by James H. Jones, 272 pp, with illus, $14.95, New York, Free Press, 1981.
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From 1932 until 1973, more than 400 black men with syphilis were followed up without treatment in the "Tuskegee Syphilis Study" of the Public Health Service. After this study was publicized in 1972, James H. Jones, a historian, began the study of its origins and evolution, which comprises Bad Blood.
Jones begins in the 19th century with evidence, drawn from their writings, of the racial prejudice that white physicians shared with society at large. In particular, white physicians maintained that promiscuity led to allegedly more prevalent and more severe syphilis in blacks. As transmissible agents of disease came to be understood, physicians began instead to regard syphilis as a disease to which all infected were equally susceptible (although many physicians continued to hold that the disease was manifest differently in whites and blacks). In the early 1930s, a philanthropic organization, the Rosenwald Fund, cooperated with the PHS in several ventures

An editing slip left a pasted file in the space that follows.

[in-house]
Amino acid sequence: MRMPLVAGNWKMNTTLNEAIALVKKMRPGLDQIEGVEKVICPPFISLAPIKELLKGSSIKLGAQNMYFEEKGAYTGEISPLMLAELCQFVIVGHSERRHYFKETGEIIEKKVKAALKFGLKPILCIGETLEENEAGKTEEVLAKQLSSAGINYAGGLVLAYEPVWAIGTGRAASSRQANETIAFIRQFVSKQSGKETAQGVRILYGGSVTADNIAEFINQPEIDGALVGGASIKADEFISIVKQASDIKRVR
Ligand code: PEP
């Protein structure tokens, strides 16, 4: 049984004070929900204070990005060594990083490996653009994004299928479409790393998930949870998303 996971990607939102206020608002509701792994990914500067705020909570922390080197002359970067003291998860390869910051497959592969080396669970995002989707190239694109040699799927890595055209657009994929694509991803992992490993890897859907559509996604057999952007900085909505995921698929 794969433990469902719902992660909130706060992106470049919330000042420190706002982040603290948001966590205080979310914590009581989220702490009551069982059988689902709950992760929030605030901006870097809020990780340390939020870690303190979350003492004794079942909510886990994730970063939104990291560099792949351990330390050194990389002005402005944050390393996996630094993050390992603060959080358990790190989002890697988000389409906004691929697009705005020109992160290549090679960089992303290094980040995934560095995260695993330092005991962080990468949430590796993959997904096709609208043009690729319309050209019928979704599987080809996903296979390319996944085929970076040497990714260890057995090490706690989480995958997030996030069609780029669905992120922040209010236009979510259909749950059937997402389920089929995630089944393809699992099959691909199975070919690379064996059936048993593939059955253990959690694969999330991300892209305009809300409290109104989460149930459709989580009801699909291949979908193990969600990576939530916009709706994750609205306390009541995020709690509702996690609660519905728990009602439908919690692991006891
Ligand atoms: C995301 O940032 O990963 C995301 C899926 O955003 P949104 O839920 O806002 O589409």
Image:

Meyer HS. Bad Blood: The Tuskegee Syphilis Experiment. JAMA. 1981;246(22):2633-2634. doi:10.1001/jama.1981.03320220077036